The way I read it, schedule E or schedule C businesses should still qualify as well, and is not limited to pass through entities. Hence why I’ve been working off the assumption that the basic landlord would qualify. Though, as you say, many have losses anyway.

Interesting take, thanks for making me think from a new standpoint. Will need to wait for regulations I suppose and other guidance.

*this post does not create an attorney-client relationship nor a cpa-client relationship. It is for educational purposes only and was written prior to any case law or guidance on section 199A. It is not to be relied upon and readers are advised to seek professional advice.

@Michelle Eisenberg If you plan on having this as a full time business you should defiantly consider hiring one. If you’re gonna take it slow and not acquire a ton of property the taxes on residential real estate aren’t very complex. You most likely won’t be paying taxes for awhile either. If you want to research on your own some of the big items will be -27.5 year deprecation deduction -interest deduction on your loan (this will be very large for awhile assuming 30 year note and you’re buy and hold) -all other normal business expenses are deductible are pretty easily found on schedule E The key is keeping records of everything (receipts for all of your purchases, amortization schedule showing interest vs principle). Excel is fine for a few properties but again if you want to scale probably best to get quickbooks or another accounting software and a CPA I’m a CPA in Texas let me know if you have any questions

@Michael Plaks I really appreciate your response. What you said about H&RB makes a lot of sense. When I've done my taxes in the past, I've done it myself using their software online, so I haven't interacted with a tax preparer in person. I should probably have made it clearer in my original post that I was debating between continuing to do my taxes myself online using tax software like H&RB or Turbo Tax vs. working with a CPA in person. After all of the responses, I'm definitely leaning strongly toward working with a CPA rather than doing it myself online.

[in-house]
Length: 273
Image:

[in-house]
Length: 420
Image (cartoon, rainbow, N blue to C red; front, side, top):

@Ryan Weirick Thanks for your book recommendation. I looked it up on Amazon, and it looks like a new version is coming out in around a month, so I'm definitely going to buy the book then. I read Amanda Han's book on taxes already, including the update they wrote up on BP about the changes to the tax code this year. I'm hoping they'll also put out an updated book now that the tax laws have changed because I really liked how they explained taxes in their book.

Did you use H&R's online tax prep software or did you work with someone in person?

Originally posted by @Michelle Eisenberg :

@Michael Plaks I really appreciate your response. What you said about H&RB makes a lot of sense. When I've done my taxes in the past, I've done it myself using their software online, so I haven't interacted with a tax preparer in person. I should probably have made it clearer in my original post that I was debating between continuing to do my taxes myself online using tax software like H&RB or Turbo Tax vs. working with a CPA in person. After all of the responses, I'm definitely leaning strongly toward working with a CPA rather than doing it myself online. 

Like my colleague @Account Closed said, you can successfully complete a basic tax return with couple rental properties yourself - as long as you're willing to invest some time into understanding the rules, which you're doing by reading the books. 

A good tax professional who understands real estate (this part is critically important, as REI tax rules are unique) will still do a better job and likely save you some money. Your compromise could be to do it yourself and, before submitting it to the IRS, have a tax pro check it out. The risk is that you may end up paying more for tax prep this way, if the accountant discovers that you made major mistakes, and you need to hire him anyway. Well, could be considered the price of learning.

Eventually, an accountant will be necessary for you, as our ultimate job is not tax preparation but the proactive tax planning. This is where the real value is. The bigger your business, the more it matters. Good luck in this business!

I had two new clients this past tax season who were previously HRB DIYers. They both brought me their 2015 and 2016 returns. I noticed for both clients that their suspended passive losses were not automatically carried forward from 2015 to 2016. 

I have no idea if this indicates a software flaw or if both clients made the same 'operator error' when using the software, but it is something to watch out for. 

Best of Luck with Your Real Estate Investments!